Date: Saturday, January 27th 2001
Place: Borderline, London, UK
Audio/Video: YES | NO
Photo Albums: No
- Been Insane
- Going Inside
- Jugband Blues (Pink Floyd)
- The First Season
- So Would've I
- With No One
- Neighborhood Threat (Iggy Pop)
- Well, I've Been
- New Dawn Fades (Joy Division)
- Modern Love (David Bowie)
- Ten to Butter Blood Voodoo
- My Smile is a Rifle
- All We Ever Wanted Was Everything (Bahaus)
- Life's a Bath
- Beat Down
Review from Kerrang! (February 10th 2001)
John Frusciante: introspective guitar strumming from the revitalised Chili Pepper
When pictures of Red Hot Chili Peppers' once fresh-faced and sinewy guitarist John Frusciante appeared after he'd left the band, quit playing guitar and reached the very bottom of heroin addiction, those who saw them were shocked. Back in the band and better than ever, he's here tonight playing his own acoustic songs that were mostly written in those wilderness years that saw him close to being another young rock casuality.
He certainly cuts an interesting figure in the jammed Borderline as he fidgets nervously and swigs from a variety of bottles, one of which could well be cough medicine. He apologises for being strung out, before reaching for his bottle again.
None of which really matters, because the performance is excellent, although so low-key and informal even being there almost feels an invasion. He stops, he starts, he snaps strings and wanders offstage to change guitars and struggles with the horrendous reverb every time he starts to chat. But when he hits a peak, as he does on a Syd Barrett cover version (played "because he only made two records, but I survived to make three") or a bleak, boomy take on Iggy Pop's 'Neighbourhood Threat', the whole room listens. Indeed, when people start singing every word of early Frusciante solo songs, the atmosphere soon turns to one of triumph.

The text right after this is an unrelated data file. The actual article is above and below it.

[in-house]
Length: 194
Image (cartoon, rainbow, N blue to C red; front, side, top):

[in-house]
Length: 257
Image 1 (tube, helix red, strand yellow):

With plenty of bizarre, downbeat chords last heard with folk legend Nick Drake and a voice which switches from Jeff Buckley-ish falsetto to brooding Leonard Cohen, Frusciante loosens up. Having a less-than-flaweless voice that falters and cracks helps distinguish him from the many bedsit heroes he so obvious loves and when he begins playing off-cuts from a further two albums, 'Smile From The Streets You Hold' and 'Niandra LaDes and Usually Just A T-Shirt', which were each only ever released to five of his friends, the crowd starts yelling an impressive catalogue of requests.
Freed of the nonsensical babblings that made many of the Chili Peppers videos so entertaining - that's drugs for you, kids - the older, wiser John Frusciante is clearly glad to be alive, as he acknowledges before his final two songs, 'My Smile Is A Rifle' and 'Resolution'.
Despite the indulgence of it all there's still plenty of uplifiting moments tonight, as one of rock's heroes returns clutching some postcards from the edge. It's a good thing for us that he's lived to tell the tale.
- Ben Myers
Review by Daniel
The Borderline in London is a great little venue. As you go in you see a gallery of photos of big bands playing there like Pearl Jam and Rage Against The Machine. It is very small though, there couldn't have been more than 300 people.
John came on in jeans and a t-shirt and with three different plastic bottles, two full of water and one was some weird brown stuff. This was Johns first English solo gig ever and the first of his tour to promote his new record. Everyone was really excited. His first song was Been Insane from his first record, a lot of people knew the words and sang along. It sounded great! After the song he screwed up his face and then admitted he didn't have a setlist and was thinking about what to play next. He played a variety of old and new songs as well as covers of songs by Joy Division, Bauhaus, Iggy Pop and Syd Barrett. He also played a few songs from a record he said he recorded but only gave to five friends. He says he plans to release it over the internet soon. Some people shouted for him to play Your Pussy's but he said it wouldn't sound right.
Near the end of the gig someone yelled for My Smile Is A Rifle. He shook his head but everyone started yelling "Please, John!" and he played it after saying he hadn't played it in four years. It sounded brilliant though. He spoke quite a lot between songs and made jokes, the gig felt very intimate. He spoke about River Phoenix and played the song from his second record which River speaks on, Well, I've Been. Apparently River really loved that song, and it was gonna be on John's first record. But River died, and so he didn't put it on. He also said he originally planned to release Niandra Lades And Usually Just A T-shirt as two separate records but when he learned he could fit them both on one he decided to do that because he thought he was gonna die soon. That was sad...
He finished with one of the songs off the unreleased record he mentioned before.
- Daniel Munro Walker (originally submitted to frusciante.de, a now-defunct fan site)